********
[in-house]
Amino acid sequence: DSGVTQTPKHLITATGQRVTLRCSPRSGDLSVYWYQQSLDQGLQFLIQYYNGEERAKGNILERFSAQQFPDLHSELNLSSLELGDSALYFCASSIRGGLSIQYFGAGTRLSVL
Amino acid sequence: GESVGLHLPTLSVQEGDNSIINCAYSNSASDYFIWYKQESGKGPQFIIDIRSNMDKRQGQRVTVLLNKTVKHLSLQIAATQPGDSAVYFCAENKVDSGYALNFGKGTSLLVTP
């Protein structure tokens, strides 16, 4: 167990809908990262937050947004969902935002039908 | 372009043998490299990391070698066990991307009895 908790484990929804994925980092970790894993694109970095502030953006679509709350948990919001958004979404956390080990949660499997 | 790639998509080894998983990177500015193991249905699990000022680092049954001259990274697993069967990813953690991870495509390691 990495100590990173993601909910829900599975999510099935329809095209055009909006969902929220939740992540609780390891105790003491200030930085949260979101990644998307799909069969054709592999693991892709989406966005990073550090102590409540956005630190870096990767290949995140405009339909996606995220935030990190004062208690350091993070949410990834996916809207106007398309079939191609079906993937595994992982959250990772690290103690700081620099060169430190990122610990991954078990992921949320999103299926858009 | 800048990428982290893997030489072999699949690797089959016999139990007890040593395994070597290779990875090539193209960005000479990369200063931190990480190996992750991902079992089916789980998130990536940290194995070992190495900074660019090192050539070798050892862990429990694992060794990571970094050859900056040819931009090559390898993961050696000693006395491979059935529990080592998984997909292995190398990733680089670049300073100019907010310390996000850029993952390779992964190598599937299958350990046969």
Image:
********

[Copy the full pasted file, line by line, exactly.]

[in-house]
Amino acid sequence: DSGVTQTPKHLITATGQRVTLRCSPRSGDLSVYWYQQSLDQGLQFLIQYYNGEERAKGNILERFSAQQFPDLHSELNLSSLELGDSALYFCASSIRGGLSIQYFGAGTRLSVL
Amino acid sequence: GESVGLHLPTLSVQEGDNSIINCAYSNSASDYFIWYKQESGKGPQFIIDIRSNMDKRQGQRVTVLLNKTVKHLSLQIAATQPGDSAVYFCAENKVDSGYALNFGKGTSLLVTP
């Protein structure tokens, strides 16, 4: 167990809908990262937050947004969902935002039908 | 372009043998490299990391070698066990991307009895 908790484990929804994925980092970790894993694109970095502030953006679509709350948990919001958004979404956390080990949660499997 | 790639998509080894998983990177500015193991249905699990000022680092049954001259990274697993069967990813953690991870495509390691 990495100590990173993601909910829900599975999510099935329809095209055009909006969902929220939740992540609780390891105790003491200030930085949260979101990644998307799909069969054709592999693991892709989406966005990073550090102590409540956005630190870096990767290949995140405009339909996606995220935030990190004062208690350091993070949410990834996916809207106007398309079939191609079906993937595994992982959250990772690290103690700081620099060169430190990122610990991954078990992921949320999103299926858009 | 800048990428982290893997030489072999699949690797089959016999139990007890040593395994070597290779990875090539193209960005000479990369200063931190990480190996992750991902079992089916789980998130990536940290194995070992190495900074660019090192050539070798050892862990429990694992060794990571970094050859900056040819931009090559390898993961050696000693006395491979059935529990080592998984997909292995190398990733680089670049300073100019907010310390996000850029993952390779992964190598599937299958350990046969």
Image: